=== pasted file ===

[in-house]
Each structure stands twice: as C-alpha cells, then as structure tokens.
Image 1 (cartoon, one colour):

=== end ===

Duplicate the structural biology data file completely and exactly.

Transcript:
[in-house]
Each structure stands twice: as C-alpha cells, then as structure tokens.
Image 1 (cartoon, one colour):